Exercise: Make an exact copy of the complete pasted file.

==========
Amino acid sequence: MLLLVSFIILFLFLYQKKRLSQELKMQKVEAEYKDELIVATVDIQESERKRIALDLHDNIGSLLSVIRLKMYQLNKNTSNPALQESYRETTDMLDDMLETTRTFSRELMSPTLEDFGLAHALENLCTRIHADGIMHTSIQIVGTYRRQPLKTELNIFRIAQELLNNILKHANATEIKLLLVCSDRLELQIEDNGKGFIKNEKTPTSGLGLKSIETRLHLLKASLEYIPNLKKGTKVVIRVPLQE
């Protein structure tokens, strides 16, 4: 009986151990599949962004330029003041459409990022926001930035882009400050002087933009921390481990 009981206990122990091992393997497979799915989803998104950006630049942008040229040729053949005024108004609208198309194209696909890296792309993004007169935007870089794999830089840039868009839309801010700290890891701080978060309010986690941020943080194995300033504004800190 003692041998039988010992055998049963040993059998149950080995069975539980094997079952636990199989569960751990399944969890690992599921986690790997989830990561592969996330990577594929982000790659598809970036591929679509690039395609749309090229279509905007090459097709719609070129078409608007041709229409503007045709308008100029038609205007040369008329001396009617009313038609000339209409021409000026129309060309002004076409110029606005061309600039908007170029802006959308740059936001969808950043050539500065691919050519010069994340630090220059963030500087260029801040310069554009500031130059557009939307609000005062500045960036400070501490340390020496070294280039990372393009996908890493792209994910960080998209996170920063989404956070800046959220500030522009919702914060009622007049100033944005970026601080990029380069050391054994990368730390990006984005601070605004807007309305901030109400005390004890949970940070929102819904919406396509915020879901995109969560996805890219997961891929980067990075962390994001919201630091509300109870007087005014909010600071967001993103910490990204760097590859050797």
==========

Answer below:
Amino acid sequence: MLLLVSFIILFLFLYQKKRLSQELKMQKVEAEYKDELIVATVDIQESERKRIALDLHDNIGSLLSVIRLKMYQLNKNTSNPALQESYRETTDMLDDMLETTRTFSRELMSPTLEDFGLAHALENLCTRIHADGIMHTSIQIVGTYRRQPLKTELNIFRIAQELLNNILKHANATEIKLLLVCSDRLELQIEDNGKGFIKNEKTPTSGLGLKSIETRLHLLKASLEYIPNLKKGTKVVIRVPLQE
């Protein structure tokens, strides 16, 4: 009986151990599949962004330029003041459409990022926001930035882009400050002087933009921390481990 009981206990122990091992393997497979799915989803998104950006630049942008040229040729053949005024108004609208198309194209696909890296792309993004007169935007870089794999830089840039868009839309801010700290890891701080978060309010986690941020943080194995300033504004800190 003692041998039988010992055998049963040993059998149950080995069975539980094997079952636990199989569960751990399944969890690992599921986690790997989830990561592969996330990577594929982000790659598809970036591929679509690039395609749309090229279509905007090459097709719609070129078409608007041709229409503007045709308008100029038609205007040369008329001396009617009313038609000339209409021409000026129309060309002004076409110029606005061309600039908007170029802006959308740059936001969808950043050539500065691919050519010069994340630090220059963030500087260029801040310069554009500031130059557009939307609000005062500045960036400070501490340390020496070294280039990372393009996908890493792209994910960080998209996170920063989404956070800046959220500030522009919702914060009622007049100033944005970026601080990029380069050391054994990368730390990006984005601070605004807007309305901030109400005390004890949970940070929102819904919406396509915020879901995109969560996805890219997961891929980067990075962390994001919201630091509300109870007087005014909010600071967001993103910490990204760097590859050797």